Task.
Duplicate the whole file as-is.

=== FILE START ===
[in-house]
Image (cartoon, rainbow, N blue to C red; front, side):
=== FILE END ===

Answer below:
[in-house]
Image (cartoon, rainbow, N blue to C red; front, side):